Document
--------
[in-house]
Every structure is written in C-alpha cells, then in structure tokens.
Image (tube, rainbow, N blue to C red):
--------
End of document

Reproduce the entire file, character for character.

[in-house]
Every structure is written in C-alpha cells, then in structure tokens.
Image (tube, rainbow, N blue to C red):